Lebanon’s struggling economy suffered a new hit because of a series of two blasts in Beirut on the 4th of August. Around 160 people lost their lives in the ferocious mishap, and the injuries count stays on the upper side of 7,000. With 300,000 people living without a roof over their heads, the Lebanese government is under enormous pressure to rebuild their capital city. But Lebanon is now third in the queue of highest lenders from the UN just behind Japan and Greece. Therefore, the Prime Minister of France, Emmanuel Macron, is urging the leaders of the supreme powers in the world to join hands and support Lebanon. Macron’s request was a part of the International Donors’ Conference that he was opening five days after the unfortunate series of events in Beirut.
Lebanese people still feel skeptical about the competency of their government in rebuilding the city. However, it is worth noting that donors pledged $ 298 Million in the French organization’s teleconference. The aid will prove crucial in rebuilding Beirut, which stands on the rubbles of its former glory. An enormous crater now sits at the coastline of the city, which was adorned by its biggest port and main maritime entry into the city five days ago. The port was the epicenter of the blast caused by the fire in a fireworks factory, which triggered the ammonium nitrate storage in the vicinity to produce a blast that was equivalent to almost 1.5 kT of TNT. It is now the biggest explosion in history that does not involve nuclear activity.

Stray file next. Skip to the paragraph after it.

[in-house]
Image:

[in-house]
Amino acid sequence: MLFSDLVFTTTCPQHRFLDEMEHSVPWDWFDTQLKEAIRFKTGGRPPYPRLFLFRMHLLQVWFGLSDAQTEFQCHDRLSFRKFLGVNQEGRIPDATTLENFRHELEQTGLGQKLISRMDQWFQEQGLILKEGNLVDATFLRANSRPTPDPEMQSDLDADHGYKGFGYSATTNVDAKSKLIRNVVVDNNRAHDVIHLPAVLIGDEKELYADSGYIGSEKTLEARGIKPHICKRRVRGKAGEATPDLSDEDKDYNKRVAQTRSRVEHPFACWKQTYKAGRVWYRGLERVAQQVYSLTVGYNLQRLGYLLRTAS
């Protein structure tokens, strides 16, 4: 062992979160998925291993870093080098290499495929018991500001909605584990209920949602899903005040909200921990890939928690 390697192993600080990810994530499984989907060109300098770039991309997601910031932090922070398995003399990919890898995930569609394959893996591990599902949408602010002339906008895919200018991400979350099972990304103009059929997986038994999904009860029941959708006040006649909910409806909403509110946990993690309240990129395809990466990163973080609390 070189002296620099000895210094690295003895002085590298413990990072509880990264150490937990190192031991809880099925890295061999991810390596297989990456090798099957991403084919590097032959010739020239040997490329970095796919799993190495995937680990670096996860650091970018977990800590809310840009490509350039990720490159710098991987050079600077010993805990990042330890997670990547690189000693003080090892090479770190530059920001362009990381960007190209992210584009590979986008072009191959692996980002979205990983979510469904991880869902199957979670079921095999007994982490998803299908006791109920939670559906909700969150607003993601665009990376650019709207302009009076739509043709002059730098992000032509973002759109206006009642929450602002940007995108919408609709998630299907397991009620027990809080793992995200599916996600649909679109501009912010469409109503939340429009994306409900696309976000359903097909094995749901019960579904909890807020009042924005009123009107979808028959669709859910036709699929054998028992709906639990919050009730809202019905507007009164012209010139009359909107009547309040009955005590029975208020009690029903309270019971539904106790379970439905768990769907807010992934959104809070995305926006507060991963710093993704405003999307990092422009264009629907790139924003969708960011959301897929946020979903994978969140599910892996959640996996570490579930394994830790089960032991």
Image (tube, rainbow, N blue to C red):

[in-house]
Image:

Anti-government sentiments are currently high in the country after the blast acting like fuel to the already burning fire of protests in Lebanon since 2019. Moreover, the level of distrust is also evident from the fact that Beirut’s citizens are clearing the city on their own without waiting for the government’s action.
Almost three weeks after the explosion, Lebanon is trying to cope up with the destruction. There are no official figures about the extent of damage done by the blast. However, the government says that it would cost around $15 billion to make the parts habitable again. Most of the buildings have suffered damage that is not repairable. Moreover, the explosion is still haunting the dreams of the residents of Beirut. The scars of the blast will remain in their mind for long, and we can only pray for their wellness. The darkness after such devastation is more of a mental damage than the monetary. However, for a country as debt-laden as Lebanon, the cost of rehabilitation will be a massive blow. The economy is already suffering from a hit to the devalued currency. The citizens are now clueless about their future, with more than 300,000 people living in the shelters after they lost homes partially or fully.